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The largest swarm Louella and I have ever caught was from our own bee hives. This is approximately 50,000 bees
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ground nesting bees and honey bees)
Swarming Period: April 1st through June 15th is the swarming period for honey bees. This is a natural phenomenon for the honey bee in order to divide and reproduce. To witness this amazing feat can be unnerving whether it be through the arrival or departing flights or the temporary swarm cluster itself.
Swarming Flights: Honey bee swarms will appear as large dark clouds of bees flying 10-25 feet off the ground in a swirling, buzzing motion that can sound like a loud whirl as it passes overhead. These swarms are fairly safe and non-aggressive. The only time a person or animal is stung during a swarm flight or warm landing is when the bees are swatted at and trapped against the skin.
Swarm Arrival and Departure Times: Swarms will emerge from existing nests called beehives between 9:00 A.M. and 2:00 P.M.
and fly to a temporary resting place with 100 feet from their existing home. This is usually a tree, but can be the side of a building, poles and on fences. They can form a cluster that will look like either a baseball, football or basketball on the average, but can also take various shapes. (click here to see pictures of various swarms)
Temporary resting location: Swarms will arrive between 9:00 A.M. and 2:00 P.M. and stay until the next day and then leave between 1:00 and 2:00 P.M. While the swarm is in this temporary resting place they will send out scout bees to find a new home. The potential new home that has the most scout bees return and report is chosen as the new home. The swarm will lift off in a huge dark cloud and fly to the new home. This new location will be about 1 mile from the old home. After the swarm leaves there will always be stragglers left behind. These will usually catch up with the swarm or return to the old hive. Either way, within a few hours there will be no signs that there ever were any bees in the area except for small white dots of wax where the swarm was attached to the tree or object. These drops of wax will give off the smell of the swarm and will attract new swarms for a few weeks afterwards.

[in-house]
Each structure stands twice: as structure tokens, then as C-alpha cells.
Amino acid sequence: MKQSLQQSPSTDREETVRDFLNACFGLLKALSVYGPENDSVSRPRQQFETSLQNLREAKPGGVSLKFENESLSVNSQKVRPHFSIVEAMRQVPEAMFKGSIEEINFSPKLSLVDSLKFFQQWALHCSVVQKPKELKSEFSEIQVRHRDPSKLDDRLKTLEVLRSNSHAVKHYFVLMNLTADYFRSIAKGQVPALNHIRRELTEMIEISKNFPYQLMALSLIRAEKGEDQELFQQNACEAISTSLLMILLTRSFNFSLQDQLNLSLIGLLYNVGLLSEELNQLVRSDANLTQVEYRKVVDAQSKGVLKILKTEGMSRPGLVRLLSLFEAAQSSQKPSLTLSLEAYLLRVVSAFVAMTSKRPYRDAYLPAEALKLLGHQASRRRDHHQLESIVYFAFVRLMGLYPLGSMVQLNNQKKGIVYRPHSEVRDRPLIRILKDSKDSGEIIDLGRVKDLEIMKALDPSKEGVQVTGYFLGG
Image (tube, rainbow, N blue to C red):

Arrival at the new home: Swarms arriving at their new home will land all around the entry way and will steadily march into the new home after the queen. This arrival will look very similar to the swarm in the temporary resting place, but once this swarm enters their new home it will be impossible to get it back out except by irradiating it. In cities the swarms prefer canales and down spouts, but will also make new homes in holes in trees, in sprinkler irrigation boxes, wall voids (they will enter around lights and electrical outlets) and under storage sheds and dog houses.
Removing Swarms: Swarm removal should be done while the bees are in the temporary resting place, but if caught early upon arrival at the swarms new home may be retrieved. Before retrieval, a person catching a swarm should be properly dressed to protect themselves from bee stings caused by accidental handling or in some cases from aggressive bees. Place a box under the swarm (get the box as close as possible) and give the limb a strong shake. Place a lid on the box as quick as possible, but leave an opening for bees that are still outside of the box to join with the queen and the rest of the swarm. Within 12-15 minutes the bees outside the box will soon realize that their queen is inside the box and will leave the resting place and join them.
How to prevent your swarm from leaving: We like to move the swarm at least 1 mile away from where we catch it. We have found that if we place it close to the old hive they will leave again with in 1-4 days. We will also take a frame of brood from and exiting hive and place it in the new swarm. When there is open brood present in the new swarm they are unlikely to leave it.
Caring for the new swarm: New swarms need to be fed to grow strong quickly, but their survival is not totally dependent upon feeding. We will mix 1 part sugar to 1 part water (by volume) and place it in a glass mason (or ball) jar with about 5 holes made in the lid with the tip of a 4d nail. Invert the jar and elevate it so that bees can crawl under it to get to the sugar syrup. Make sure the glass jar is level so it does not run out and saturate the new hive. (If you need bee hive equipment e-mail us at: Orders@nmhoney.com and we will send you information on how to build your own commercial equipment or top bar bee hive or where you can purchase equipment. We feed for about 4-6 weeks until the hive is strong enough to start bringing in nectar to make honey. We will also feed a pollen patty (1 part pollen and 1 part sugar with enough water to moisten and from into a patty like you would a hamburger patty)
Bee Removal (Bumble bees, yellow jackets,
paper wasps, ground nesting bees and honey bees)
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